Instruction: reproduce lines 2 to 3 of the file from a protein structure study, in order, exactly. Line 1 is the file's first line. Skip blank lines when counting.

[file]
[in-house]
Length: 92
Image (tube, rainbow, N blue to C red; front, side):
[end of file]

Length: 92
Image (tube, rainbow, N blue to C red; front, side):